Nitin Gupta is the Co-founder & CEO at Attero Recycling Pvt Ltd is a notable player in electronic asset management with expertise in recycling solutions for electronics. In a conversation with Mobility Outlook, he delves into the intricacies of lithium and sheds light on its role in the global energy transition. In this free-wheeling interview, he discusses a range of topics. Excerpts:
What is the role of lithium in the energy transition?
Lithium-ion batteries, with their high energy density and fast-charging capabilities, play a crucial role in storing and distributing green energy. Nearly 50% of an electric vehicle's cost is attributed to its battery. Out of this, 45% is the cost of raw materials including cobalt, lithium, graphite and manganese.
The raw materials come from mining. They are then refined to battery-grade materials. These are further put into anode and cathode materials before going into cell manufacturing. The fundamental unit, the cell, is made by companies such as LG Energy Solutions, SK Innovation, CATL, Panasonic, Northvolt, Tesla and a few more in factories called Giga factories where the capacity is measured in terms of energy produced. In a cell, the anode is 99% graphite and 1% silica. There is an anode separator made of aluminium. Then there is a liquid electrolyte LiPF6,. Post which, there is a thin foil of copper as the cathode separator. Lastly, there is cathode made of cobalt, lithium and nickel depending on the battery chemistry. So, making these cells is a technologically challenging task requiring a specific infrastructure. For every Giga factory, the minimum capacity required is at least one GigaWatt hour and the minimum investment required is $ 0.5 billion.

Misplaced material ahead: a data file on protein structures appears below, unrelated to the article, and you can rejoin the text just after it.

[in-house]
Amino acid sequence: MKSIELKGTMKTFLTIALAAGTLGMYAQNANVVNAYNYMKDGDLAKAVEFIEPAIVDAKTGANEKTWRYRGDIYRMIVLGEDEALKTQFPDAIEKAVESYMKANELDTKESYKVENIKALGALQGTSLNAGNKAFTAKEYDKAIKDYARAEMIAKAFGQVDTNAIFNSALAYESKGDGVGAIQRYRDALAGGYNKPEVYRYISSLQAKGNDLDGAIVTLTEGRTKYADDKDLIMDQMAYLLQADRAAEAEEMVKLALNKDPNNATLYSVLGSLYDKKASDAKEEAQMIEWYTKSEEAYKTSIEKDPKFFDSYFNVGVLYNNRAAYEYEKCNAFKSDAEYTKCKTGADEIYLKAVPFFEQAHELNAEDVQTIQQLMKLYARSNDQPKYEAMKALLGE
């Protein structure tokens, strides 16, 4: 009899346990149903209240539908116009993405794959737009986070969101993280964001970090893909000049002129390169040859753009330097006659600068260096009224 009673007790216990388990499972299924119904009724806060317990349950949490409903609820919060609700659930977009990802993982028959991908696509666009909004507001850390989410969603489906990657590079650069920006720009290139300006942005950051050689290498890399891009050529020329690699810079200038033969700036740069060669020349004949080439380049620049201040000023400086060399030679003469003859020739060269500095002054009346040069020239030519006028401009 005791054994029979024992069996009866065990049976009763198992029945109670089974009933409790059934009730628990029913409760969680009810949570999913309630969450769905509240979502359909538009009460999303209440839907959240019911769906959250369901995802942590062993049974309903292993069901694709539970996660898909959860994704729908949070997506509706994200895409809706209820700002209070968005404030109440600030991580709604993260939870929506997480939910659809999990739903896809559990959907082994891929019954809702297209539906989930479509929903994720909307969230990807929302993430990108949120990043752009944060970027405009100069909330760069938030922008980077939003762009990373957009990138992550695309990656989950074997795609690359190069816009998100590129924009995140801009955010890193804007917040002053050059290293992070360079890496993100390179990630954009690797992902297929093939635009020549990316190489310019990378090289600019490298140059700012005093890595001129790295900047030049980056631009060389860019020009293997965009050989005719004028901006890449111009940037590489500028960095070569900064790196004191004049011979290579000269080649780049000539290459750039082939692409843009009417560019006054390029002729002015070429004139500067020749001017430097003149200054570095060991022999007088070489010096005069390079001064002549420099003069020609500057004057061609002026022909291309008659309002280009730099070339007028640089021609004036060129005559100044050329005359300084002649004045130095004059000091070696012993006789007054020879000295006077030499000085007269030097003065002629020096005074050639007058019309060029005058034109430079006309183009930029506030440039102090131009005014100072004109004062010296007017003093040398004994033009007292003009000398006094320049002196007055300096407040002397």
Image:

What are the global Initiatives to address supply chain risks?
Take cobalt as a case in point. Almost 70% of it is mined in the Congo region, which is plagued with child labour and the like. At the current known sources and utilisation rates, the world will run out of cobalt by 2030. Similarly, 60% of the world’s lithium gets mined in the Bolivia-Argentina region, which is again one of the world’s driest regions. The social and ecological impact of this process is huge in terms of water usage. To extract one tonne of lithium carbonate using the traditional mining processes requires more than 500,000 gallons of water. On top of this, about 90% of the world’s battery-grade lithium carbonate/hydroxide and graphite and 80% of the cobalt comes from China. All of this means there are significant supply-chain and ESG risks involved with mining.
Now every country is trying to become self-sufficient in critical minerals and have started de-incentivising imports from China. Countries like the U.S. and EU are taking steps to ensure self-sufficiency in critical minerals. Initiatives such as the Inflation Reduction Act and EU's subsidy programmes aim to promote domestication of critical minerals’ supply chains, reducing dependence on China. These efforts are aligned with the goal of mitigating supply security and geopolitical risks.
Can India meet the challenges of lithium-ion battery manufacturing?